When I was up in Canada I didn’t get a chance to visit Montreal. Our little Subaru skirted around the civic center and got caught in some rush hour traffic. This gave me a chance to gaze longingly at the seemingly-abandoned biosphere, sitting as it does on a marshy area dotted with crusty 60s and 70s apartment buildings. (See drowning in culture for a hit of Safdie-esque détournement.) The Bucky dome, built originally for the 67 Expo, burned in 1976, but the bubble was restored in 1990 and now is home to, appropriately enough, an environmental museum.
I also missed an entry for my tiny file while zooming past the city. The a new photography show at the Canadian Centre for Architecture (CCA), Naoya Hatakeyama: Scales features three series of images by the Japanese artist.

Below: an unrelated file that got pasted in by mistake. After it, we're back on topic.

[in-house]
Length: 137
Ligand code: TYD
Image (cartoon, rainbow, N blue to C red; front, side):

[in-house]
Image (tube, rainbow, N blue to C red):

New York/Tobu World Square and New York/Window of the World depict scaled architecture models of New York City’s streets and skyscrapers. The photographs ape the high-contrast, modern tropes of photographers Berenice Abbott and Alfred Stieglitz, but also reveal the preciousness and artificiality of the models, and by extension, the fragile façade of the city.